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Sneaky Escape: Trick Yourself Into Exercising With This

Move your body at least 20 minutes a day for optimum health. Even better? Be outside when you do exercise. Now, that sounds pretty simple. However, with hectic schedules and balancing work, family and play—it’s not always easy to make it happen everyday. Well, in order to help my clients get up from their desks and move more, I came up with the simple ‘trick’ called the Sneaky Escape.

What am I talking about? This exercise right here, do it with me:


Stand up from your chair. Lower yourself slightly into a partially crouched stance and rise up on your tiptoes. Make sure to steady yourself before proceeding to Step 2.

This engages all your stabilizer muscles, head-to-toe.

sneaky escape exercise | Nucific


Begin tiptoeing toward the nearest exit of the house or building you’re in. Tiptoe very carefully — as if you’re walking on eggshells and you don’t want to break ANY of them.

This keeps your entire body engaged, gets your blood flowing, and improves your balance (and likely makes you smile).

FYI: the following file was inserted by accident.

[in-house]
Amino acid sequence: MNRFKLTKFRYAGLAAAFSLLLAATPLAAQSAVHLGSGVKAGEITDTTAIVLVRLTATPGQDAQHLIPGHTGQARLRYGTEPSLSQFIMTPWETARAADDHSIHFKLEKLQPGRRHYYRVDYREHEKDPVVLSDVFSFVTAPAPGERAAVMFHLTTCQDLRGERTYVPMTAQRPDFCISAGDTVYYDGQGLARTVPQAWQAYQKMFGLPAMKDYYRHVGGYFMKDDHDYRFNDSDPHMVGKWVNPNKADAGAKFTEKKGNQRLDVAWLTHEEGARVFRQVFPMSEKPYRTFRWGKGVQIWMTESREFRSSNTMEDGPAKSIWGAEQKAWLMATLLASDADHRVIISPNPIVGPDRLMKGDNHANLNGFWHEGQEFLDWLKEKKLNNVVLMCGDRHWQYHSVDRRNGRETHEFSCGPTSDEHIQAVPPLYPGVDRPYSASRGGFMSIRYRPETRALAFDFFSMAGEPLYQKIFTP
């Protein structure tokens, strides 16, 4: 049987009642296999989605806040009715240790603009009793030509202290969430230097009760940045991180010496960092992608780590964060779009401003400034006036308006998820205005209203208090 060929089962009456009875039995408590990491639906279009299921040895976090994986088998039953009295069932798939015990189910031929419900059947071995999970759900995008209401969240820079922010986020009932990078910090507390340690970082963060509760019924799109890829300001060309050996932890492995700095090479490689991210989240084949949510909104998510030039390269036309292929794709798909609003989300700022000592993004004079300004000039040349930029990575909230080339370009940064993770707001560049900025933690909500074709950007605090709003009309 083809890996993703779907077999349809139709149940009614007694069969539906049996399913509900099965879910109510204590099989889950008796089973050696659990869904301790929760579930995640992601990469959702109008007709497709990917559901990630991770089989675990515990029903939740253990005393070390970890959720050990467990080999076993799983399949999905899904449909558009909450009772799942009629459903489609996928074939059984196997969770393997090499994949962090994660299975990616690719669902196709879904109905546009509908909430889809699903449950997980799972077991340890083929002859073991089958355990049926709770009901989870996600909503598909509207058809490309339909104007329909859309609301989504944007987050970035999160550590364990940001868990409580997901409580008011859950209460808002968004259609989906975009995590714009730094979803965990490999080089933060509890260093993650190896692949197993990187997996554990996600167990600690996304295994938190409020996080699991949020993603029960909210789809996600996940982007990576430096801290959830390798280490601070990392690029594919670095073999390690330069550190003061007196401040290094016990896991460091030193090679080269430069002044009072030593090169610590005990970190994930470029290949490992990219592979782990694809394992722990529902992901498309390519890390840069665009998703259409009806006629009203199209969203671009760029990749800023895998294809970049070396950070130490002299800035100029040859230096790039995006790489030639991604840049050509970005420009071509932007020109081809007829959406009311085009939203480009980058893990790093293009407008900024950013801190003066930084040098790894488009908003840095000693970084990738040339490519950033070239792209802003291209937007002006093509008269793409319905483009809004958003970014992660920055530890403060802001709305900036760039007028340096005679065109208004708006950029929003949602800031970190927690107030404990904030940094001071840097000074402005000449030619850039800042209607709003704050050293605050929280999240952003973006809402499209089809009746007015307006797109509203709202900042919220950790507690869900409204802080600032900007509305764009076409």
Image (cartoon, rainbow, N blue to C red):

Once you’ve reached the exit, open the door carefully and go outside. You’ve escaped!

sneaky escape exercise | Nucific


Now, this whole tiptoeing business may seem silly. But it woke up your mind and body, got you outside, and hopefully made you laugh a little.

This means you’re alert and in a good mood — the perfect time to truly enjoy a walk outside!

You see, in this digital age, we sit indoors in front of screens far too much. (I’m as guilty as anybody of this.)

And it’s very easy to forget how refreshing and healthy it is to just get up and walk somewhere… to experience the real world… to be active.

But the first — and hardest — step is finding the motivation to get up and do something now, not later. And that’s what this “sneaky” exercise was designed to do.

Enjoy your walk.

Read for more exercise ideas:
5 Fun (and Effective) Couple Workouts You Can Do Together!


About the Author

Dr. Amy Lee

Dr. Amy Lee has board certifications in internal medicine, physician nutrition and obesity medicine specialty. She practices internal medicine with a heavy emphasis on nutrition, wellness and weight management. Her Clinical nutrition fellowship training at UCLA has allowed her to incorporate realistic lifestyle modification in all her medicine patients.